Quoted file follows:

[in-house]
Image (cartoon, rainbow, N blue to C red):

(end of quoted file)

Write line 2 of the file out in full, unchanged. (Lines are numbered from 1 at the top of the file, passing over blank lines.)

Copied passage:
Image (cartoon, rainbow, N blue to C red):